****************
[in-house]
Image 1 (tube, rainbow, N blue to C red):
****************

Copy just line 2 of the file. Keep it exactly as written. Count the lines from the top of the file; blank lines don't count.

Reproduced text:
Image 1 (tube, rainbow, N blue to C red):